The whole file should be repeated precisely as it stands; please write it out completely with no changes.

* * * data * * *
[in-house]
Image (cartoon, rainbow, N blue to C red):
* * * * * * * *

[in-house]
Image (cartoon, rainbow, N blue to C red):